Tuesday, February 13, 2007

Ms. Magazine - "Paradise Lost", Making a Difference for Women in Marianas

I received this in an email from Ms. Magazine and wanted to share it with all of you. I am attempting to post this as they sent it. Please take the time to read and respond.

This is a very important subject and needs to be kept alive. This is not the only place stuff like this is happening, so let us not stop here.

Dear ...,

"Paradise Lost" - the explosive Ms. magazine investigative report on the appalling conditions of guest workers in the Northern Mariana Islands, a U.S. territory - is making news again as Congress finally acts to stop the worst abuses. Congress has already delivered a victory for the guest workers in the Marianas by including them in the recently passed minimum wage increase.

Ms.'s hard-hitting cover story brought to the nation's attention the labor and immigration abuses that were the focus of a Senate committee hearing last Thursday. When we published our investigative report last spring, we spurred weeks of additional news coverage and generated widespread public outrage. Two of the women we interviewed for our report - including a young woman trafficked into the sex industry against her will - testified at the Senate hearing.

Make a special contribution to the Ms. Investigative fund today to ensure that Ms. continues to break stories of vital importance to women here in the U.S. and around the world.

Here's the background on the situation:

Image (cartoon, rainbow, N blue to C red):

Although the name-brand clothing companies that contract with garment factories in the Marianas can attach "Made in Saipan (USA)" or simply "Made in the USA" labels to their clothes, until now they have been exempt from U.S. minimum-wage and immigration laws.

Women trafficked to the Marianas, mostly from China and the Philippines, work up to 20 hours a day in factories at a sub-minimum wage of $3.05/hour in often dangerous conditions. In its report, Ms. detailed how these women find themselves in a situation akin to indentured servitude as they struggle to earn enough money to pay for room and board and to repay human traffickers who charge as much as $7,000 for a one-year contract to work in the Marianas.

Moreover, with expiring trade agreements, some companies have closed down their Saipan operations to move to mainland China, leaving their workers stranded and owed months of back-pay. Ms.'s investigative report documented how, unable to make ends meet, many women have been forced to work in the islands' sex tourism industry in order to survive.

Now, with disgraced lobbyist Jack Abramoff (who lobbied on behalf of Marianas factory owners) in prison, Tom DeLay (a leading supporter of garment-company interests) out of Congress, and other opponents of reform defeated in the November elections, Congress may finally be able to pass long-blocked reforms.

Ms.'s in-depth reporting on the suffering of women in the
Northern Marianas is the kind of ground-breaking investigative journalism that truly changes lives.
We are determined to continue to follow this story, and dispatched a reporter to cover the hearings. Look for updates on MsMagazine.com and in upcoming issues of the magazine.

Help Ms. stay strong by making a tax-deductible contribution to the Ms. Investigative Fund now.

For a Strong Feminist Media,

Executive Editor

Eleanor Smeal


Copyright © Ms. Magazine 2006


franktheliberal said...

Today ,knowing Traci is a vegetarian,I watched a video on PETAs website about how animals we eat are treated. It was disgusting. I imagine human beings beings treated in a similar manner in the Marianas.It shows the true depth of the corrupt nature of the Republican party to take contributions from these inhuman jackals in any way,from golf trips or whatever. But Delay went the extra step by proclaiming that what they were doing over there was what the Republican party is all about. Yuk.